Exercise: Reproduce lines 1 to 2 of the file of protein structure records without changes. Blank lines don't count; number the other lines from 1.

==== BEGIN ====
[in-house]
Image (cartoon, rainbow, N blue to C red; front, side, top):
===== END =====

[in-house]
Image (cartoon, rainbow, N blue to C red; front, side, top):